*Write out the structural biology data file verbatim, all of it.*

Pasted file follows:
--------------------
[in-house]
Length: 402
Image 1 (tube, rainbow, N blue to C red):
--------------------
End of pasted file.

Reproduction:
[in-house]
Length: 402
Image 1 (tube, rainbow, N blue to C red):